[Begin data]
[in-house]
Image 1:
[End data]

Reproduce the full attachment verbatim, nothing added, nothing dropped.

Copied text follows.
[in-house]
Image 1: